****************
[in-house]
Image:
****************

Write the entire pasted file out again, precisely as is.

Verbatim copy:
[in-house]
Image: